Recently, I came across a list of 27 foods you should never buy again. Yes, I know, it’s just click bait, but I still couldn’t help myself from scrolling through. The number one thing on this list? Parmigiano Reggiano cheese. I don’t expect the folks at Reader’s Digest (who published the list) to be supremely knowledgeable on the subject of cheese, but Parmigiano Reggiano is arguably one of the most well-known cheeses in the world. So why should we supposedly slice it off our grocery lists? Here’s the rationale from Reader’s Digest:
A few shavings of nice cheese on top of pasta or vegetables can take a simple dish from good to great—but you don’t have to fork out $22 a pound for the famous stuff. Instead, look for varieties like Pecorino Romano and SarVecchio, which offer the same flavor at half the price.
Let’s get one thing clear right off the bat — Pecorino Romano and SarVecchio are fabulous cheeses in their own right, but they’re not Parmigiano Reggiano. Although many pasta recipes will suggest using Parmesan or Pecorino interchangeably, the fact is these are two completely different cheeses with vastly different flavor profiles. After all, they’re made with the milk of two different animals! And as for SarVecchio, its flavor profile is different from Parmigiano Reggiano as well — expect more toasty, buttery notes in the former, likely a result of the whole milk used in the make process (Parmigiano Reggiano uses whole and skim milk).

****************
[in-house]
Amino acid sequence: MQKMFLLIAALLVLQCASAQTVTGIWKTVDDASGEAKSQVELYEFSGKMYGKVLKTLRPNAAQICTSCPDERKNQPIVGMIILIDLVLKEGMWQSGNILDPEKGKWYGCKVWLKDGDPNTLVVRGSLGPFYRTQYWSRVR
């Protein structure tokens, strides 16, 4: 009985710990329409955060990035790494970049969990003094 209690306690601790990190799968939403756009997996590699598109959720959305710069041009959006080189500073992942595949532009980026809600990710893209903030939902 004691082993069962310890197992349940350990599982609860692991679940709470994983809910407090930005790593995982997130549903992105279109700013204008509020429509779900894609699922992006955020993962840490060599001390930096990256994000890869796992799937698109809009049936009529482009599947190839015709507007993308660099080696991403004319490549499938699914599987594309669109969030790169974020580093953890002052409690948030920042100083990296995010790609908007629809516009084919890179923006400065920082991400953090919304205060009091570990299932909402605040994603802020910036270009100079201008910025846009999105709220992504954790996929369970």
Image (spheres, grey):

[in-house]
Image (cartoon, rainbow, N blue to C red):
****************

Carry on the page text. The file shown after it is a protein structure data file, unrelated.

And speaking of make process, Parmigiano Reggiano’s is strictly regulated by its PDO status. PDO, or Protected Designation of Origin, is utilized in the EU as a way to promote and protect quality agricultural products like cheese, wine, Balsamic vinegar, and more. Parmigiano’s PDO status is literally a stamp of quality — its rind is embossed with a pin dot pattern that details the cheese’s date of production and where it was made, provided the wheel passes inspection by a consortium member.
When I want Parmigiano Reggiano, I’m absolutely willing to pay for its guarantee of quality — and when I want Pecorino or SarVecchio, their price points are the last thing on my mind when I’m crafting a cheeseplate or cooking up some pasta. What about you? How different is too different when it comes to grating cheeses? Does price play a role in your cheese purchases? Tell us in the comments!